Ipswich women sentenced over killing of grandfather
BRITTNEY Jade Dwyer will serve at least 21 years behind bars for the stabbing murder of her grandfather in a failed robbery that was influenced by a horror TV show.
Supreme Court Justice Kevin Nicholson sentenced the 20-year-old to life imprisonment with a non-parole period of 20.5 years for the murder of her 81-year-old grandfather Robert Whitwell at his Craigmore home in Adelaide's north in August last year.
She also received an additional six months for the home invasion - bringing her total minimum imprisonment to 21 years.
Her friend, Bernadette Burns, was sentenced to life imprisonment with a non-parole period of 13.5 years for the murder as she was found not to have murderous intent.
Both Dwyer and Burns' sentences were backdated to mid-2016.
After the duo drove from Queensland, Burns sat in the car outside Mr Whitwell's home applying her make-up while Dwyer stabbed her grandfather shortly after he had shown her family photos.
The girls were planning on robbing him of his life savings - $111,000, which was hidden in his shed.
Justice Nicholson described the offending as "evil" and "abhorrent", saying it was difficult to determine Dwyer's capacity for remorse.
He said Dwyer was influenced by her drug-taking, her inability to empathise, an unnatural interest in seeing people die and her greed for money.
"This murder was brutal, callous and cold-blooded," he said.
Last month, the court heard Dwyer was motivated by robbery but was also influenced by TV show American Horror Story.
Lawyer Craig Caldicott, for Dwyer, described that aspect as "very troubling".
Her mother Tonya Dwyer has previously said her daughter had an obsession with graveyards and "dark things" which set her on a macabre path.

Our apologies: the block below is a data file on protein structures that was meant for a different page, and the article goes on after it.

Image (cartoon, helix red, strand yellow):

She said her and friend, Shelby Lee Angie Holmes, both had a fascination with knives and violence in the lead-up to the murder.
"I think they are little bit dark, as in they would do things in cemeteries and go to cemetery tours and dark things," Ms Dwyer said.
"There were some things with blood and knives. I think they had a bit of an obsession with some dark stuff."
In April 2016, Brittney and Holmes, drove almost 2000km from Queensland to Adelaide to rob Mr Whitwell.
As Holmes was checking out the house, she sent text messages to Dwyer. One said: "He said hey to me omg he's lovely."
His granddaughter replied: "He is very lovely. Don't get attached to him. He might have to die."
The following day, the pair returned to the Craigmore home and failed in their attempt to rob him.
In early August, Dwyer again made the journey to Adelaide - this time with Burns.
Mr Whitwell started to show his granddaughter some photos of her and her brother as children and Dwyer decided she couldn't go through with killing him.
She sent a text message to Burns saying she was pulling out.
But Burns talked her out of it, saying her mother would know she'd visited her grandfather if she didn't go through with it and that she needed to "harden up".
As Mr Whitwell walked his granddaughter to the front door, she stabbed him in the neck, before he turned around and placed his hands on her shoulders.
She then stabbed him in the chest and again in the neck.
Bleeding profusely, Mr Whitwell asked his granddaughter why she had attacked him. She did not respond. He then walked to the kitchen and grabbed a band-aid.
Incredibly, Dwyer helped him apply the band-aid and handed him a cloth before she started washing the dishes as he passed away.
His body was discovered three days later and the killers were arrested on August 26.
In July, the court dismissed allegations made by Dwyer that her grandfather may have sexually molested her as a child.
The month before, Mr Whitwell's brother Geoffrey Whitwell spoke of his family's devastation at comforting Dwyer in the days after the death, before discovering his own granddaughter had killed him.
Holmes was given a 17-month suspended sentence for trespassing at Mr Whitwell's home in April.